R1: Address the practical issues underlying reverse engineering tool adoption.
R2: Provide interactive, consistent, and integrated views, with the user in control.
R3: Provide consistent, continually updated, hypermedia software documentation.
R4: Integrate graphical and textual software views, where effective and appropriate.
R5: Use a simple, human-readable, lightweight format.
R6: Support introspection of schemas
R7: Support multiple, composable, modular, dynamically extensible schemas.

Figure 2: Reverse Engineering Requirements (R1-R7)
Kenny Wong identified reverse engineering tool requirements in his Ph.D. thesis [5]. Figure 2 lists the relevant requirements in the context of this paper. Rigi falls short in several of these requirements. Leveraging SVG within Rigi helps to alleviate several of Rigi's shortcomings.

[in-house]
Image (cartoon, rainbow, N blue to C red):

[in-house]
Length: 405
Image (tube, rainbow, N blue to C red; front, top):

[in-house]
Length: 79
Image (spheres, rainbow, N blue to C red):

The following list discusses the features of SVG that facilitate reverse engineering. We also identify the requirements (R1-R7) that are addressed by SVG. (The full version of the paper will contain more detailed explanations on how these requirements are met by SVG.)

SVG Integration in Rigi

Because of SVG's benefits outlined above, we decided to leverage it in our Rigi tool to overcome Rigi's current limitations in visualization and document generation. Figure 1 is a typical reverse engineering result in Rigi. This graph is a document that we would like to easily incorporate into other host environments for presentation and documentation purposes (e.g., PowerPoint presentation, PDF document, and Excel spreadsheet).